Conflict and Cooperation on South Asia's International Rivers

A Legal Perspective


Water resources management is receiving increasing attention worldwide due to the considerable challenges that face the quantitative and qualitative aspects of water. These challenges are attributed to a multitude of factors, including the significant increase in population, urbanization and environmental degradation. Such factors are more apparent in the South Asian Sub-continent (Bangladesh, India, Nepal and Pakistan) than many other parts of the world. Moreover, the problems of the Sub-continent are compounded by the fact that it encompasses some 20 major international rivers. As a result, the Sub-continent has had to deal with some of the most difficult disputes over international rivers, while at the same time it has been successful in designing some interesting methods for cooperation.
This book, by Dr. Salman M.A. Salman and Dr. Kishor Uprety, focuses on the hydro-politics and legal regime of international water in the Sub-continent. It discusses the bilateral treaty regimes between India and Pakistan, India and Nepal, and India and Bangladesh over some of the major shared rivers between them. The book also provides an overview of main issues and common elements regarding shared rivers among those countries.

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'This is a higly insightful and path-breaking study. The authors should be commended for their painstaking survey and study of the Sub-Continent Rivers, which enriches our understanding with regard to the three major rivers of the Sub-Continent. This book undoubtedly constitutes a valuable coantribution to the literature on law of international watercourse. This volume is an added source for resource in international water courses law in general, South Asia in particular, and it will certainly inspire further research in this area.'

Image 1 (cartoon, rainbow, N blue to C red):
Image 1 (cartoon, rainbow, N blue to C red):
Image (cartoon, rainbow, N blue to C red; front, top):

Ch. Benarji, Indian Journal of International Law, 2003.
List of Tables. List of Maps. Glossary. Acknowledgements. Preface. Series Editor's Preface. Part One: General Introduction. 1. Introduction. I.The South Asian Sub-continent. II. International Water Law. III. Scope of the Study. Part Two: India Pakistan Relations. 1. The Indus River. I. Introduction and History. II. The Indus Treaty Regime. III. Conclusion. Part Three: India Nepal Relations. 3. The Kosi River. I. Introduction and History. II. The Kosi Treaty Regime. III. Conclusion. 4. The Gandaki River. I. Introduction and History. II. The Gandak Treaty Regime. III. Conclusion. 5. The Mahakali River. I. Introduction and History. II. The Mahakali Treaty Regime. III. Conclusion. 6. The Kosi, Gandaki and Mahakali: An Overview. Part Four: India Bangladesh Relations. 7. The Ganges River. I. Introduction and History. II. The Ganges Treaty Regime. III. Conclusion. Part Five: General Conclusion. 8. Conflict, Cooperation and Treaties: Retrospect and Prospects. Selected Bibliography. Annexes: Annex A: India Pakistan. The Indus Waters Treaty, 1960. Annex B: India Nepal. B.1. Revised Agreement on the Kosi Project, 1966. B.2. Agreement on the Gandak Irrigation and Power Project, 1959. B.3. The Mahakali Treaty, 1996. Annex C: India Bangladesh. C.1. Statute of the Indo-Bangladesh Joint Rivers Commission, 1972. C.2. The Ganges Treaty, 1966. Index.
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